Chinese Nobility Used Witchcraft To Handle Their Enemies
The punishment for "confusing" the people with witchcraft was death, in early China. Accusations of witchcraft were often wrapped up in aristocratic and dynastic struggles, particularly why the imperial succession was at stake. In 102 CE, the childless consort of the emperor died in prison, after being denounced as a witch. In 165 CE, the consort of the Emperor Huan was ordered to commit suicide, for a litany of offenses which included witchcraft.
What crimes had these noble women actually committed? We will likely never know for sure. But a witch hunt in Chang'an (Xi'an) in 91 CE offers some clues. On the instructions of the aging Emperor Wudi, who feared his long illness was caused by witchcraft, foreign shamans were brought in to search the imperial household for dolls used in harmful magics. Suspects were arrested for summoning evil spirits and saying malicious prayers at night. Those arrested were likely indicted for both magical and political reasons. Crown Prince Liu Ju was found to have wooden carvings of his "victims" in his room -- although the carvings could very well have been planted. He was duly removed from power and committed suicide in the aftermath.
The ancient Roman god, also known as Dionysus, does not have a good image today. His name is linked to drunkeness, excess, madness. But the ancients did not see him as one-sided. He was the god of losing one's inhibitions. But he was also the god of getting together. Ancient nicknames included Bacchus the Liberator, Bacchus the Saviour, and Bacchus the God Who Gives Men's Minds Wings. Those do not sound all bad, right?
Bacchic cults were banned in Roman times, because their members held allegiance to "a parallel state," but at the same time, Roman leaders have quotes on how fantastic it is that conquered populations enjoy Roman wine so much -- it makes them easier for Rome to control. To the ancients Bacchus was an ambiguous god, both beneficial and harmful.
These five lead mirror frames, dating to the turn of the 200s CE, have been found while excavating a Roman villa in northern Bulgaria. Three of the frames are decorated with the image of a large wine vessel and bear an inscription that means a “good soul.” A nice thought to have when looking at oneself, no?
The villa belonged to a Roman military veteran. The specific building where the mirrors were found was initially thought to be a house for workers, but the mirrors suggest perhaps it was a temple.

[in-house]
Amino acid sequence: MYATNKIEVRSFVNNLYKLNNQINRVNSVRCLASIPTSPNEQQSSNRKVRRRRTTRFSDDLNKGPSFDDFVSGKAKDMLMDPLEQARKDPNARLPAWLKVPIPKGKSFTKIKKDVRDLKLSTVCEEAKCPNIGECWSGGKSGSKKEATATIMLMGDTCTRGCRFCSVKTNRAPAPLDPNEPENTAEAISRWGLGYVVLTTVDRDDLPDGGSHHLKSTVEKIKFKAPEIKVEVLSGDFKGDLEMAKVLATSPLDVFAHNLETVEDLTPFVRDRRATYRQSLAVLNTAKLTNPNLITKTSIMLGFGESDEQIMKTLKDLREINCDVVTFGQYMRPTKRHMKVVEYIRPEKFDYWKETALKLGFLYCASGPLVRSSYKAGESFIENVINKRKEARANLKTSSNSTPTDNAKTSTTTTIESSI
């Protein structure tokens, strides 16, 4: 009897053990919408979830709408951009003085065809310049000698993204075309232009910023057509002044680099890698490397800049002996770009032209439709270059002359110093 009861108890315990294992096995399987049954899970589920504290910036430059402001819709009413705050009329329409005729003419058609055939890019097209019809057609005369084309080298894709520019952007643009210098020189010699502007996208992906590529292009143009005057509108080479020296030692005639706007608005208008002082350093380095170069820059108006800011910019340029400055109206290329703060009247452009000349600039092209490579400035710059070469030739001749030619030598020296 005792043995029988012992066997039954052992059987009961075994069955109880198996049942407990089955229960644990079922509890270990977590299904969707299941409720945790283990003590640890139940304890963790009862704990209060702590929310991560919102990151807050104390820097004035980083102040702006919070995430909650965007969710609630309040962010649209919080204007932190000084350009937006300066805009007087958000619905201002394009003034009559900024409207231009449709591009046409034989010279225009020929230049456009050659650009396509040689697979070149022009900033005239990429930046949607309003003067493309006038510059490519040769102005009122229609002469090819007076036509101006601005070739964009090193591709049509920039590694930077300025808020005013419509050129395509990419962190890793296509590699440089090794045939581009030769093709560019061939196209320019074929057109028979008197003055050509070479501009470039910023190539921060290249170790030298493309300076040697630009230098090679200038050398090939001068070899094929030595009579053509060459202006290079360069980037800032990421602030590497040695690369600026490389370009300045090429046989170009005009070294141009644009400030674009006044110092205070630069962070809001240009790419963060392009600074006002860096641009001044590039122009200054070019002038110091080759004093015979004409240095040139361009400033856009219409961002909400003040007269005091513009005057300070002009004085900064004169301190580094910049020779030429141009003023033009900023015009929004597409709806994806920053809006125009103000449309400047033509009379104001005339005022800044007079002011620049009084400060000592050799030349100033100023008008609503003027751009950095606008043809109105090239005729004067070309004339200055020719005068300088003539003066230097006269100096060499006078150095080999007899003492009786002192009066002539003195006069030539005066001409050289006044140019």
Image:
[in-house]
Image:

In 1932, pilot George Palmer was flying from Las Vegas to Blythe, Calif., when he saw drawings sketched on the desert. Someone had scraped away the dark surface soil to draw three human figures, two four-legged animals, and a spiral.
Like the more famous Nazca Lines in Peru, the Blythe Intaglios had gone unnoticed for so long because they were too big! The largest is over 170 feet long. Much too big to be seen from the ground. No local Native American group claims to have made them; radiocarbon dating places their creation between 900 BCE and 1200 CE.
The Aztecs and Mayans feared and hated the owl and believed they were symbols of death and destruction. Interestingly, the Romans agreed, believing that the owls were bad omens -- but the ancient Greeks did not. In ancient Greece, owls represented Athena, the goddess of wisdom.
Arctic ice brings an understanding of ancient Europe’s economy
Greenland's icy mountains are not an obvious place to search for an archive of economic history, but a study just published in the Proceedings of the National Academy of Sciences shows that they provide one. Read the full article at The Economist
After meditating for forty days beneath a pipal tree, the Buddha approached the moment of omniscience. Evil demons have failed to distract him, and he calmly touches the earth goddess to witness his attainment of enlightenment. His right hand, lowered in the earth-touching gesture (bhumisparsha mudra), signals that this sculpture depicts that specific moment.
Kushan Dynasty, Pakistan or Afghanistan. Late 100s to early 200s CE.
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By Lillian Audette
This blog is a collection of the interesting, the weird, and sometimes the need-to-know about history, culled from around the internet. It has pictures, it has quotes, it occasionally has my own opinions on things. If you want to know more about anything posted, follow the link at the "source" on the bottom of each post. And if you really like my work, buy me a coffee or become a patron!